This may sound like I’m Not There is a failure—don’t we want the “real” Dylan to stand up, after four decades of stardom? We live in a contemporary culture that thrives on the most superfluous details of a celebrity’s life; we want to know why they’re coming home at 4 a.m., the new diet they’re on, who they’re fucking, the thread count of their sheets, and why they refuse to dye their hair back to its original color. While celebrity monitoring was undoubtedly not this exhaustive during Dylan’s heyday, a clear echo of ownership was as present then as it is now. Consider the aftermath of the Newport Folk Festival, when Dylan blasted the hell out of attendees after plugging-in: Haynes scours the crowd, not the singer, for reactions, and the majority are infuriated, vocalizing betrayal at Dylan’s decision to turn his back on his “true” fans. While disappointment over a singer’s new sound is not unusual, there’s a fervency here that pushes beyond simple discontent and strongly resonated with Dylan’s folk fans at that time—he’s not merely a singer here, as their idol is now tarnished. This exploration of gaps in reality - somewhere between the fan and their conception of the celebrity, compared to the actual, unattainable person within the shell - achieves a new level here with a man who seemed all too aware of his own conception, despised it, and became intent on controlling that image.

Haynes doesn’t imply that Dylan is a victim of celebrity circumstance, nor does he remain wholly sympathetic (the passage focusing on his marriage lends a voice to Dylan’s ex-wife, portrayed by Charlotte Gainsbourg with quiet, fierce bitterness). Instead, there are ever-increasing layers that suggest a man uncomfortable in his own skin for most of his life, a chameleon attempting to command his own colors. What Dylan could not control, aside from the public, is what Haynes captures against the singer’s erratic identity — the significant political and social events that became entangled not only in Dylan’s music but also in his personal life. In a way, the arrangement of historical events (the remarkable editing of Jay Rabinowitz is truly glue here) is a subtle, grown-up version of what Robert Zemeckis deafeningly trumpeted with Forrest Gump; we see the currents shift within American culture, from feverish civil rights protests to the weary pull-out of Vietnam, but Dylan is far from a unwitting participant. An embodiment of this time period to this day, we see a man as disillusioned as the next, not the unwavering symbol that perhaps many people wanted him to be.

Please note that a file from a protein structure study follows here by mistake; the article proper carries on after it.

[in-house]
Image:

I’m Not There is unquestionably rich in arguments of celebrity, culture, and musical significance, but what I should emphasize is that quite frankly, this film is an exhilarating trip. Analysis aside, the film stimulates the eye and ear, as the landscape constantly changes from a picturesque American West to a pre-gentrified, musically charged Greenwich Village, and - I’m sure what will be everyone’s favorite, including my own - the crisp B&W lensing of London during the swinging 60s, heightened by a flat-out gorgeous homage to Fellini’s 8 ½, as Dylan makes his way through a throng of affluent admirers and eager reporters. This particular Dylan, perhaps his most famous incarnation, is portrayed by Cate Blanchett, who has the sharpest delivery in the film. Her noteworthy peers include a pitch perfect David Cross as poet Allen Ginsberg, Heath Ledger’s hardened, post-motorcycle crash Dylan, Julianne Moore as a confessional interpretation of Joan Baez, Bruce Greenwood’s inquisitive BBC reporter, and Marcus Carl Franklin as Dylan’s youth. The minor complaints - it runs a little too long, and Richard Gere’s character, not so much his portrayal, felt underdeveloped - matter little, mainly for the fact that despite its flaws, this is a bold and truly inventive effort. Experiments such as this don’t happen very often, and rarely have the funding or the access Haynes has been granted. It’s a lucky break for Haynes, but more so for us, as I’m Not There is a burst of fresh air in filmmaking.

More The 45th New York Film Festival

We don’t do comments anymore, but you may contact us here or find us on Twitter or Facebook.